Studying in Apple Pie Bakery with macarons and an Americano
There is such a defined culture here at The Culinary. At this point I can’t imagine my life before attending the CIA. I have become so immersed in the culture here that even going home for a weekend feels strange. I have grown so accustomed to the CIA microcosm that I catch myself saying behind when walking through the grocery store or responding to my parents with yes chef.
It is so unique to attend a school where everyone fosters the same passion. Making friends is easy. Whether you are sitting down for a meal with a close circle of friends or complete strangers there is always a fascinating conversation usually (but not always!) surrounding food.
Until I came to the CIA I never understood the broad range of interests within this field. I am now even more uncertain about what I want to do within the culinary industry when I graduate…but I am okay with that for the time being. The beauty of this school is exposure to so many different career options. At times it feels like we only scratch the surface of a topic, however, it helps to narrow our interests and lead us to understand what we should explore more in depth.
Last week I finished my first semester here at the CIA. At times it felt like we would never graduate from “CIA Kindergarten”…otherwise known as Culinary Fundamentals or Fundies, but it truly went by in a blink. I have grown so close to my class these past few weeks. We began as a dysfunctional group of strangers to a family. Although we still might be dysfunctional we are far from strangers. We understand each others strengths and weaknesses, we fight like brothers and sisters and we would do anything to help each other out.
Here are some photos from the last few weeks including the my final Product Knowledge and Culinary Fundamentals classes.
The newest macaron flavor: orange and gooseberry
One of the best perks about the CIA is having the opportunity to meet so many famous, influential chefs. Not too long ago I had the chance to meet Daniel Boulud and have him sign one of his books.
His newest book…Daniel: My French Cuisine
I was devastated that my product Knowledge class came to an end. I looked forward to this class every week. It is so important to be knowledgable about the ingredients you are working with and understand where they come from. It gives you a greater appreciation for your food. The last day was “Dairy Day” where we tasted 28 different cheeses.
There were so many incredible cheeses to try!
We had bread, nuts, seeds, and fruits to pair along with the different cheeses.
We tasted a selection from each category of cheeses: fresh, soft-rind, semi-soft, hard, grating, and blue.
I was so excited to make fresh pasta again in my Fundamentals class!
We learned how to break down and truss chickens recently.
Ingredients for ratatouille, a French vegetable stew.
Roasted chicken with herbs
Braised beef with creamy Parmesan polenta, root vegetables and Brussels sprouts.
This dish is chicken fricasse (chicken stewed in volute), duchess potatoes, onions, mushrooms and broccoli. It tasted very similar to a chicken pot pie. We had to plate all of the components in the same crock so it appears to be a hodge podge of ingredients. However, this day was heavily focused on technique. In Fundamentals the end product and plating appears to be very basic and simple. That is because the goal of the class is to grasp the concept of basic vegetable cookery, protein cookery and complementary sauce making. You might notice that every plate is a single portion with a protein, sauce, starch, green vegetable and non-green vegetable. Eventually the plating will be more flexible and less cookie cutter and outdated. The plating and cooking is not complicated because the aim of this class is to give students a basic foundation to build on in future classes at the CIA and to even the skill level of all the students.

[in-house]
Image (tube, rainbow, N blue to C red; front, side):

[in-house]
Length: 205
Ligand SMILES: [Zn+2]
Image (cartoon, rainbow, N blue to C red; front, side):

Mis en place for chicken fines herbs with fresh pasta.
Sauteed chicken fines herbs (chives, chervil, parsley, and tarragon), sauteed root vegetables and snap peas on a bed of fresh pasta tossed with butter and Parmesan. This was probably my favorite dish to make and eat in Fundamentals.
Mis en place for trout meuniere
Trout meuniere is trout finished with a brown butter, parsley and lemon sauce. We served it with tourned root vegetables, wild rice and asparagus.
Batter for spaetzle, a German dumpling
Spaetzle with fines herbs mixture. We prepared the spaetzle ahead of time and finished it during our service period by sauteing it in browned butter.
This was probably one of my least favorite dishes we had to make in class. Pan-fried pork cutlets with sauce charcuterie, brasied collards, spaetzle and coleslaw. I really enjoyed making and eating the spaetzle, however.
Our final week of fundamentals included: grilling, deep frying, and red meat cookery. These are my marinated vegetables for grill day: portabella mushroom cap, red onion, zucchini, summer squash and eggplant.
Steak frites: grilled steak with Bearnaise sauce, grilled vegetables and French fries
Mis en place tray for the cooking practical on the final day of Fundamentals
On the final day of class we made potatoes au gratin, beer battered onion rings, sauteed beef tenderloin with chausser sauce and broccoli rabe.
I was so sad that we only made three onion rings each…
The last day our plates and service was graded differently. It counted as a practical (exam) for the class so we were graded not only on the final product but our cooking process and sanitation. We also did not have a demo before we started so we had to rely on former cooking methods we learned in the class and reading.
A picture of my class on the final day of Fundamentals with our chef.
My fundamentals chef, Chef DiPerri
Today I had my first day of Meat ID and Fabrication. I am excited to share with you what we cover within the first week so stay posted!